The most anticipated awards ceremony of the year is almost upon us… No no, not that ceremony, filled with pomp and glitter and a bunch of contestants no one’s ever heard of. There are no designer clothes, no red carpet, no yawn-inducing acceptance speeches in this production.
I’m speaking, of course, of the first annual “Aggie” Awards from Adventure Gamers!
That’s right, for the first time in the site’s history, this year we’ll be recognizing the top games across a variety of categories. We’ve resisted in the past, not out of disinterest, but simply for practical considerations, as it’s difficult to fairly measure games against each other without playing everything released. And to be sure, none of us individually has played every single game from the past year. Nevertheless, with enough staff participation ensured, we’ve finally been able to settle on a process not involving coins, blindfolds, or dartboards, and feel confident that our selections do indeed represent the best the genre had to offer in 2008.
The award winners have yet to be determined, so stay tuned for the envelope opening over the course of three days, from February 18-20th. In the meantime, we are pleased to announce the finalists still in contention. And if you’re already prepared to tell us how wrong we are, you’ll soon get your chance! A “Reader’s Choice” poll will be posted shortly, giving you the opportunity to vote for your favourites. Those will also be tallied up and announced along with the official Aggie winners.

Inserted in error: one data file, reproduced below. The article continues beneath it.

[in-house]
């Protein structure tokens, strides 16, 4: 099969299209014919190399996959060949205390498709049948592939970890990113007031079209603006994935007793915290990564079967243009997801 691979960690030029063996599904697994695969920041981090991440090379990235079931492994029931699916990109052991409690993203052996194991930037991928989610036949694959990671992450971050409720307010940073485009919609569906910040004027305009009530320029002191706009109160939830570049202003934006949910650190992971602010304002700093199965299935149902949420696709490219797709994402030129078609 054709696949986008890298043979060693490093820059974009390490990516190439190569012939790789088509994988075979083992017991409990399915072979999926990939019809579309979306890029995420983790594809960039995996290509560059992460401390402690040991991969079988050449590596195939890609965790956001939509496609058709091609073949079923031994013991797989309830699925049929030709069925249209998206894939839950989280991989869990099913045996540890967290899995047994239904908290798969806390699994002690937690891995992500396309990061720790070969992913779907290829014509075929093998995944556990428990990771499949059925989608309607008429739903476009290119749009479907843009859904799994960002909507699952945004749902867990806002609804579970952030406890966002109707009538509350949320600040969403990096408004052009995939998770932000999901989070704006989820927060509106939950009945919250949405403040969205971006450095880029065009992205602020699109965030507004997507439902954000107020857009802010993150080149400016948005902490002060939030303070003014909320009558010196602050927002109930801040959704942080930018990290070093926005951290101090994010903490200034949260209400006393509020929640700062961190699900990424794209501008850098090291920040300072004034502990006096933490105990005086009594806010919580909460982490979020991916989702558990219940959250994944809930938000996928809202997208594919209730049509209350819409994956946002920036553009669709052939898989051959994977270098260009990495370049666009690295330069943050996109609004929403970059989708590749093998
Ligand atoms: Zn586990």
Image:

For a list of all games eligible this year, along with a few basic rules and regulations used in determining the winners, scroll down past the nominations. But without any further ado, ladies and gentlemen… we give you the nominations for the 2008 Aggies.
One of the core components of any adventure, the game’s narrative must engage the player’s interest and imagination. Entertaining in its own right, a good story also immerses the player in a believable game world and serves as motivation to overcome the challenges presented. While often accompanied by quality writing, the plot is a distinct feature that may or may not be ably supported by the actual dialogue.
Best Writing – Comedy
Arguably the hardest genre to write well, comedy done right has the ability both to humour and uplift, finding amusement in the ordinary and laughter in the unexpected. Often dismissed for not being “serious writing” (oh, the irony!), comedy has long been a beloved genre staple and deserves appropriate recognition.
Best Writing – Drama
If comedy lifts the soul, then drama explores and challenges it. Though sometimes misrepresented as dry and boring or overly theatrical, a gripping drama simply engages players on a deeper emotional level. Quality writing is essential in maintaining the player’s connection to the characters, game world, and the story unfolding.
Puzzles are an integral aspect of adventure gameplay, but not the only one. Good pacing, rich exploration, and variety of activities are all factors in player enjoyment as well, each suitably integrated into the storyline. The best games seek the right balance of these elements for the most rewarding gameplay experience.